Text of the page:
Quebec religious symbols debate becomes personal and emotional

Click to play video: 'Teachers should be exempted from religious symbols ban'
Teachers should be exempted from religious symbols ban
WATCH: Lawmakers heard from the Quebec federation of school boards and the provincial association of teachers on Day 3 of public hearings into Quebec’s secularism bill. As Global’s Raquel Fletcher reports, the groups argue teachers should be excluded from the ban on religious symbols – May 9, 2019

Teachers should be excluded from the government’s religious symbols ban, say the Fedération des commissions scolaires du Québec (Quebec Federation of School Boards) and the Quebec Provincial Association of Teachers.

If passed into law, Bill 21 would ban public servants in positions of authority, including teachers, from wearing religious symbols while at work.

The religious symbols debate can very easily get emotional and personal and day three of public hearings for Bill 21 was no exception.

READ MORE: Both authors of Bouchard-Taylor report speak out against Quebec’s secularism bill

In Thursday’s question period, Québec Solidaire co-spokesperson Manon Massé reminded the Quebec premier of a time when it was taboo for members of the LGBTQ2 population to be teachers.

“We gays and lesbians couldn’t teach or take care of children because ‘we were going to contaminate them with our difference,'” she recalled, using air quotes.

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“I don’t wear a religious symbol… but I’m different — and that’s written on my forehead,” she continued.

Massé recounted to the National Assembly that in the 1980s, she worked at a summer camp and her boss made her promise to not talk about her sexual orientation. The fear was that parents would pull their kids out of the camp.

She said Bill 21 is treating teachers who wear a religious symbol in the same way.

READ MORE: ‘I hope that God exists’: Premier François Legault pressed on his beliefs

Massé’s emotional appeal drew forbidden applause in the National Assembly, but it did not convince the premier who replied that Quebec’s religious signs ban is not that different from what is already in place in Germany, France, and Belgium.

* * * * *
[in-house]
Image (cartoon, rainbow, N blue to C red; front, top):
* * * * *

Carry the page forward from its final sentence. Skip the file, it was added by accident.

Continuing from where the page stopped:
“We will not be the only place in the world where some people cannot wear a religious sign,” said François Legault.

“And you cannot compare that to homosexuality. I think Quebec is really open in this matter and I don’t understand why she’s trying to compare those,” he said.

READ MORE: Quebec government refuses to say what penalties might apply to those who disobey proposed secularism law

There was more emotion during Thursday’s hearings when a group called Lawyers for Secularism and State Religious Neutrality were forced to defend comments by former Canadian senator Céline Hervieux-Payette.

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Summarizing a book by Ayaan Hirsi Ali, a Somali-born Dutch-American activist and writer, Hervieux-Payette said the hijab leads to female circumcision and forced child marriages.

She indicated it was one of the reasons she was in favour of Bill 21.

When questioned about this, the committee president warned her several times to be mindful of her comments so as to keep the debate under control.

Her colleagues then tried to mitigate her remarks and explain why they don’t want public employees to wear religious signs like the hijab.

“Whether he or she wants it or not, he or she is broadcasting a religious affiliation message. This is not a threat, but this is not neutral,” said François Côté.

“Teachers are crucial in the state’s mission to treat all citizens equally,” added Julie Latour.

READ MORE: Bill 21: Quebec’s secularism legislation praised, condemned as public hearings get underway

In a brief prepared for the hearings, the Quebec Provincial Association of Teachers expressed the exact opposite view, saying that banning symbols is in direct contradiction to their mission which is to teach future citizens to be critical thinkers and open to the world.

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